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realtimshady

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About realtimshady

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  1. It's probably difficult to assess young players when the quickly rise through the youth ranks. Munir El Haddadi is pretty terrible in FM14, and yet a starter for the senior team now. Or, maybe the Barça researcher still isn't doing his homework (lol).
  2. I'm running an FX-8350 and am pretty happy with it. Runs FM better than any PC I've had previous to it. If it meets your needs, you'll probably not notice a difference between AMD and Intel. That said, remember that one of AMD's biggest selling points over Intel is value for money. Set your expectations accordingly.
  3. You don't mention their personalities. Have you developed those through tutoring first?
  4. Twitch isn't something I've ever used, and it's difficult to see it being as big for FM as it is for other games, but it could have some cool uses. First to come to mind is its use as a tutorial/trainer. YouTube videos could work, but having two-way conversation might just be really valuable.
  5. I have trouble with substitutes too. If it's a youth player I'm giving "development minutes" to, I usually calmly tell him "no pressure", and get a positive reaction. Haven't really figured out the other players though, so I usually don't say anything. In general, I've had my best luck with team talks by really trying to put myself in the situation and consider the context. Once I lost a match I should have won after leading at the half, and my assistant wanted me to really come down on the team - ignoring the fact that I had three injuries and a BS red card in the second half and finished with 9. I instead used "unlucky lads", and got a brilliant green screen.
  6. I suggest you head on over to the Tactics and Training Forum, and bring your tactic with you. There might be holes or inefficiencies you've overlooked, and the posters there can help point you in the right direction.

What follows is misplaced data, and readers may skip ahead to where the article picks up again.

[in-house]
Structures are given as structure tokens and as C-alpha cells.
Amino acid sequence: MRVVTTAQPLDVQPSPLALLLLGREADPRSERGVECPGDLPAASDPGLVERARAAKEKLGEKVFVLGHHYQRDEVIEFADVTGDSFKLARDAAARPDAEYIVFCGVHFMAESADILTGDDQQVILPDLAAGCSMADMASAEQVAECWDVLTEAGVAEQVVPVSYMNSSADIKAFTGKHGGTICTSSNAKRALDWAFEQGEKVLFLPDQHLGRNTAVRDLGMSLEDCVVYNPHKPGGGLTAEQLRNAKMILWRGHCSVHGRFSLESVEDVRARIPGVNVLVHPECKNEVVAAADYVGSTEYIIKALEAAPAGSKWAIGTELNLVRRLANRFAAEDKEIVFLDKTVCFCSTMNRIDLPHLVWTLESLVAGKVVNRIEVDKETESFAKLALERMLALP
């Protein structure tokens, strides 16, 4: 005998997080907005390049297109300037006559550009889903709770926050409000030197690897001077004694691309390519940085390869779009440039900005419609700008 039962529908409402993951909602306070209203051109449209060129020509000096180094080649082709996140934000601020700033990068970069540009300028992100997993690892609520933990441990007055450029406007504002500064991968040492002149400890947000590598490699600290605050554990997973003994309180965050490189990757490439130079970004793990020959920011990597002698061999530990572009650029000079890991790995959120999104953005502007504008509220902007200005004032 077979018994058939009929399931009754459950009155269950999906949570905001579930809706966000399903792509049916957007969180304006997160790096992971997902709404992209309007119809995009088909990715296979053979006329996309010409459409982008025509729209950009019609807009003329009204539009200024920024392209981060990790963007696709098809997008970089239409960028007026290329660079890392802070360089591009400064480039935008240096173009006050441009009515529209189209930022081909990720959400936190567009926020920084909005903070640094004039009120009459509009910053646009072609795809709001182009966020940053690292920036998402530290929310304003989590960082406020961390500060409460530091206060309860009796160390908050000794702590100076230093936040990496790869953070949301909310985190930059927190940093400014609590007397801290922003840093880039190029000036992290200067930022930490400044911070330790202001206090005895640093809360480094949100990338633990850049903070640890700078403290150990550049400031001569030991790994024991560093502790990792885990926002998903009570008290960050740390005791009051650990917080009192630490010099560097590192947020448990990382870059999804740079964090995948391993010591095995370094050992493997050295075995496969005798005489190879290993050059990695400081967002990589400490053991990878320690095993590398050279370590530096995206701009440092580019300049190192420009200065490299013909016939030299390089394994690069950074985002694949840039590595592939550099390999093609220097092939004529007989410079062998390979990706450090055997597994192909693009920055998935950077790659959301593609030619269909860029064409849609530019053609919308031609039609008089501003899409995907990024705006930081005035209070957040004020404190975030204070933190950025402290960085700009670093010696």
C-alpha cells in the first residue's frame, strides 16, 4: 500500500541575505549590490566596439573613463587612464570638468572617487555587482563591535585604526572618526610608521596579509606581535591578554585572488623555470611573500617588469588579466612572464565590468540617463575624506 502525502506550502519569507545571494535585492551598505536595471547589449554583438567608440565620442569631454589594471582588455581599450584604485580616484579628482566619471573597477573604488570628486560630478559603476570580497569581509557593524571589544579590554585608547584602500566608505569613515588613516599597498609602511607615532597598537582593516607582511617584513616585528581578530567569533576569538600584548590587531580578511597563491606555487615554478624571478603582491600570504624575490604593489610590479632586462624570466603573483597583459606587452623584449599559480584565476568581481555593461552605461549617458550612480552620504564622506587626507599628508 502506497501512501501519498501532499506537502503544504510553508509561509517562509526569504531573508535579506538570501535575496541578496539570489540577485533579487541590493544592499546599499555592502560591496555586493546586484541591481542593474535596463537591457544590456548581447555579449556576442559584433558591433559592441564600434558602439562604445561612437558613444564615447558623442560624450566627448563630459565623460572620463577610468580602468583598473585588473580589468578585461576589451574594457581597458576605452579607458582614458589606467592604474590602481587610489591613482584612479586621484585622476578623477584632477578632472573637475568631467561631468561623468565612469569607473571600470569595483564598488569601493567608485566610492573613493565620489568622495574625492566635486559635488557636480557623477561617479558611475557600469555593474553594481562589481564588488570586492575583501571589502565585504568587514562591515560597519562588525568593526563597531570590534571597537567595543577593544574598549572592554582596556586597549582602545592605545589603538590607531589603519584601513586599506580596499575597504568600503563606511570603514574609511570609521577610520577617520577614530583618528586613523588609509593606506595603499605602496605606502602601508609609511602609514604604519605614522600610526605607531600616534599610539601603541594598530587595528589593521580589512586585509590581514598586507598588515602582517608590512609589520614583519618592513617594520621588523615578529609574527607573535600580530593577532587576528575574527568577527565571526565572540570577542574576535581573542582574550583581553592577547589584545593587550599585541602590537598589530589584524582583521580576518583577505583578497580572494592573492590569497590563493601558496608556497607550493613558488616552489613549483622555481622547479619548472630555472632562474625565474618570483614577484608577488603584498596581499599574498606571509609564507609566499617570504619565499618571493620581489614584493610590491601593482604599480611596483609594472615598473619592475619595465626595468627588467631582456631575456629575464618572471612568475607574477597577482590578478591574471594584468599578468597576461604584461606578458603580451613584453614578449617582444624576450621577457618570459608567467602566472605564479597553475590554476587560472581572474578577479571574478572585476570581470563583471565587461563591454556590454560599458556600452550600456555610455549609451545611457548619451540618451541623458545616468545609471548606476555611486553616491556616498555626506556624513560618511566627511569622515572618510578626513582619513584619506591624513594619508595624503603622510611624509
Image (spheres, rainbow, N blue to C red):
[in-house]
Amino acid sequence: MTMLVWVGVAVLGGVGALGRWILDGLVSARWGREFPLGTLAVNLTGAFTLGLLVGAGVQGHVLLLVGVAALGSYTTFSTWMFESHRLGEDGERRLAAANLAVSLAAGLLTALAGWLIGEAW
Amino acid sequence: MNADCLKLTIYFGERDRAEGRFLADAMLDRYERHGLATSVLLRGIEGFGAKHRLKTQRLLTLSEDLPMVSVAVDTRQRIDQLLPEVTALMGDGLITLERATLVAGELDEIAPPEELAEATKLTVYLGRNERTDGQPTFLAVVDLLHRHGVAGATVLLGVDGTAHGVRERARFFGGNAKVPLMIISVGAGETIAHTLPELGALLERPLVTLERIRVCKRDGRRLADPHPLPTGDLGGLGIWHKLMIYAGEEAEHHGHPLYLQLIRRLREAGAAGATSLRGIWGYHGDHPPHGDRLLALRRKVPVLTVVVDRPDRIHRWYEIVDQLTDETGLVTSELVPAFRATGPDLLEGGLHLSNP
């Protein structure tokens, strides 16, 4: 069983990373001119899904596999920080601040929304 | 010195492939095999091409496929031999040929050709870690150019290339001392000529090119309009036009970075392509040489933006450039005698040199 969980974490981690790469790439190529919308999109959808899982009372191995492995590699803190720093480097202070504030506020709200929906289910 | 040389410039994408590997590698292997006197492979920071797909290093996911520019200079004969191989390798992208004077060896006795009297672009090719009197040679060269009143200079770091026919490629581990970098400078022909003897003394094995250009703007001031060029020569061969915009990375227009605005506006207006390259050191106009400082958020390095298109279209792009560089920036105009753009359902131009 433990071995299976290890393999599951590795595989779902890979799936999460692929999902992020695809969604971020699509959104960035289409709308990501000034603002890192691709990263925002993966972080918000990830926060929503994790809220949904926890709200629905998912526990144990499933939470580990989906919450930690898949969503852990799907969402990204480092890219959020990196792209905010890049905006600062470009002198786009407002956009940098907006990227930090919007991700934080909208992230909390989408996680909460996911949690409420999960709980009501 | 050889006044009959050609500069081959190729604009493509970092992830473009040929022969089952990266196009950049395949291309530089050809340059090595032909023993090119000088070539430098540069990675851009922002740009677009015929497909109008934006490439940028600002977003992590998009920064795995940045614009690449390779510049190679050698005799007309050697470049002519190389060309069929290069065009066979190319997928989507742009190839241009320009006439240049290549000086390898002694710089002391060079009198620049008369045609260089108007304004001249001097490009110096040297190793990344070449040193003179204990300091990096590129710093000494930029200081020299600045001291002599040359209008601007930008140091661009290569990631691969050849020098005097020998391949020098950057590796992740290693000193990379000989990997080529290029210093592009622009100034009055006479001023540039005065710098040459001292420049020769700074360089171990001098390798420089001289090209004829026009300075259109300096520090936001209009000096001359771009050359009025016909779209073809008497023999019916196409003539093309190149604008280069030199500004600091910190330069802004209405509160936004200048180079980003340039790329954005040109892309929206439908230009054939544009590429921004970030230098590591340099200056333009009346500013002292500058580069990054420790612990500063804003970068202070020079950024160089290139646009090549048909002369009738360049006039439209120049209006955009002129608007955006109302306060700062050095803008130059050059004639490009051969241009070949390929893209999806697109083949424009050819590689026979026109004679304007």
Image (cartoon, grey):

7. I probably wouldn't have. You'll get as many opinions on this as you ask players, but that's mine. If I lose a match due to interface errors or real glitches (e.g. Keeper makes the save then walks into goal) I'll reload, but if I get beat due to tactical mistakes on my part, or unlikely but perfectly feasible random events, it's a loss. Even when it really, really, hurts. Full disclosure: I'd probably have to walk away from the PC and breathe before I came to the conclusion not to reload - impulse in the moment would be "yeah, run it again." Also, Victor Valdes seriously injured himself performing what was to the naked eye, a routine save. Freak things happen in real life.
  8. That's a bit harsh. It's not unreasonable to be able to immerse yourself in a fictional world to the extent that you feel real emotions from the events that transpire there (you've never cried, felt angry, afraid, or any other emotion from watching a movie or reading a book?). Now if the OP has trouble putting those emotions away when turning off the computer and getting back to the real world, that's potentially concerning. The same as anyone who does the same with any other fictional world.
  9. I've never played a custom database, but Lawlore wrote a series of stories based on his games in an American database that are top-notch (and sold the database pretty well too). Here's a link to one of them.
  10. Man, what do you do when it comes time to sell yourself? That's gotta be rough.
  11. Big club or small club isn't necessarily easier or harder, but there are different challenges at each level. Learning how to survive and grow as a small club is a different kettle of fish than learning how to win a treble in the top league, which is different than learning how to win in the margins in the middle of the table. As a big club, it's harder to "screw up" - you've got a ton of money and usually much better players than your peers. It's probably a better place to learn how to create a basic tactical system (e.g. if this setup doesn't work for ManU vs. Maidenhead, clearly it's got some flaws). Lower leagues is a better place to learn how to create a system that works for the players you've got - you're more likely to have players that are only good at one thing, and can create a system that uses that effectively. Mid-table/midl-level wealth and below is a better place to learn transfer efficiency, because you can still find incredible value and can't just throw money at players or clubs. Pick one and move forward. Make mistakes and learn lessons. And enjoy the ride!
  12. I personally don't like to reload, simply because I don't want to spend the time going through a match I've already played. I don't play very quickly or as frequently as I'd like, and tend to watch my matches on comprehensive. If I want to get to the future, I can't afford to repeat a match. However, were I open to reloading, I would make a distinction between tactical errors and interface errors. If I lose a match because I make a tactical error, I'd accept the loss and try to learn from it. If I lost a match because I clicked the wrong button, I'd reload. If what I choose to do is wrong, that's entirely on me. If I'm unable to do what I choose because the interface/game gets in my way, that's not entirely on me.
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